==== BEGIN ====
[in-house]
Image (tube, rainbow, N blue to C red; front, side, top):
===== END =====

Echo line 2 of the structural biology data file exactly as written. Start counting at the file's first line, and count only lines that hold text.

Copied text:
Image (tube, rainbow, N blue to C red; front, side, top):